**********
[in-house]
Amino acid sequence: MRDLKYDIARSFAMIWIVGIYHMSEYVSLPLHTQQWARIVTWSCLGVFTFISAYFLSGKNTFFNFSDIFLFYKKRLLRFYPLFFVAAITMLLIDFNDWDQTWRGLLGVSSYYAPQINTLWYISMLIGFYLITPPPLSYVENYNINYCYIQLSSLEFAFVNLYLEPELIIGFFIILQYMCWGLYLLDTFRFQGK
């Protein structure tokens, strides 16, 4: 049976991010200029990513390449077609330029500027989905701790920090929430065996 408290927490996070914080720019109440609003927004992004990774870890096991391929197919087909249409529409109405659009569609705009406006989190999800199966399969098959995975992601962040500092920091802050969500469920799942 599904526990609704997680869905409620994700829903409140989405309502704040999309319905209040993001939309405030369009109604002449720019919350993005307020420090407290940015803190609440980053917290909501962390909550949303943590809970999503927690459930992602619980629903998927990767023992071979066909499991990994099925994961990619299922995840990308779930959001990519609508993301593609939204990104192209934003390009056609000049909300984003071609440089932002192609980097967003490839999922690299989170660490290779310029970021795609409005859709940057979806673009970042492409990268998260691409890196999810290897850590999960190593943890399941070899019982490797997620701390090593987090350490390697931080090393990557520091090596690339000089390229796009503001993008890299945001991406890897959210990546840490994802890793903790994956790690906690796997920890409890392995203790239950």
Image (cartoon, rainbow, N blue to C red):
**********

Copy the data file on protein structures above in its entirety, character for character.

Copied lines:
[in-house]
Amino acid sequence: MRDLKYDIARSFAMIWIVGIYHMSEYVSLPLHTQQWARIVTWSCLGVFTFISAYFLSGKNTFFNFSDIFLFYKKRLLRFYPLFFVAAITMLLIDFNDWDQTWRGLLGVSSYYAPQINTLWYISMLIGFYLITPPPLSYVENYNINYCYIQLSSLEFAFVNLYLEPELIIGFFIILQYMCWGLYLLDTFRFQGK
């Protein structure tokens, strides 16, 4: 049976991010200029990513390449077609330029500027989905701790920090929430065996 408290927490996070914080720019109440609003927004992004990774870890096991391929197919087909249409529409109405659009569609705009406006989190999800199966399969098959995975992601962040500092920091802050969500469920799942 599904526990609704997680869905409620994700829903409140989405309502704040999309319905209040993001939309405030369009109604002449720019919350993005307020420090407290940015803190609440980053917290909501962390909550949303943590809970999503927690459930992602619980629903998927990767023992071979066909499991990994099925994961990619299922995840990308779930959001990519609508993301593609939204990104192209934003390009056609000049909300984003071609440089932002192609980097967003490839999922690299989170660490290779310029970021795609409005859709940057979806673009970042492409990268998260691409890196999810290897850590999960190593943890399941070899019982490797997620701390090593987090350490390697931080090393990557520091090596690339000089390229796009503001993008890299945001991406890897959210990546840490994802890793903790994956790690906690796997920890409890392995203790239950």
Image (cartoon, rainbow, N blue to C red):